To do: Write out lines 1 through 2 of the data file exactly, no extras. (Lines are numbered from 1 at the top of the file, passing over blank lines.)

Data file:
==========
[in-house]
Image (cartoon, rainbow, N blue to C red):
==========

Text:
[in-house]
Image (cartoon, rainbow, N blue to C red):